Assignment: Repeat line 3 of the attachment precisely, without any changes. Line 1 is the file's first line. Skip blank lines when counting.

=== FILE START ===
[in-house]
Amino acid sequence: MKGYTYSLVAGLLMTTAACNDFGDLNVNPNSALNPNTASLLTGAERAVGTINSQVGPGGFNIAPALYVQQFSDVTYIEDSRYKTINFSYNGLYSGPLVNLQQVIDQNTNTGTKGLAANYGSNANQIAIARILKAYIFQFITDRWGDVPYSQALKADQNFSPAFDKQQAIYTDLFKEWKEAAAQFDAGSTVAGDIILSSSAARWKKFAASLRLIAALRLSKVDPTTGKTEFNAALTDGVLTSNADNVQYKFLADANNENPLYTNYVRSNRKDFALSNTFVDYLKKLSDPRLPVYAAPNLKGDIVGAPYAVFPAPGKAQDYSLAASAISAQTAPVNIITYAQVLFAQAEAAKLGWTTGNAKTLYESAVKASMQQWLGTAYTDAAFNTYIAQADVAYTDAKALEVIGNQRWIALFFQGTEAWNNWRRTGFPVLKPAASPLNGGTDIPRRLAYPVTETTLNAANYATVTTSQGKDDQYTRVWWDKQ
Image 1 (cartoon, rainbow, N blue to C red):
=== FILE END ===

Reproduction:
Image 1 (cartoon, rainbow, N blue to C red):